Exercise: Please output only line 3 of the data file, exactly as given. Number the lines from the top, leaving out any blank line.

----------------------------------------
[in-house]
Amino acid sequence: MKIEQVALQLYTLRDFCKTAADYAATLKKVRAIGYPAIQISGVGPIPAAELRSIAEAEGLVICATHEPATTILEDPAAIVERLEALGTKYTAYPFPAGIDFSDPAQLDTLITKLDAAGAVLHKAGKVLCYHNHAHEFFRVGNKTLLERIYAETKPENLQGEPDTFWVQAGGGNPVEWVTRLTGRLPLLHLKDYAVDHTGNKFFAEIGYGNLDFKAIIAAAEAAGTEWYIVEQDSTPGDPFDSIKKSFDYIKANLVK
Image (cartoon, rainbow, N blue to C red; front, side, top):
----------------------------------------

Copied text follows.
Image (cartoon, rainbow, N blue to C red; front, side, top):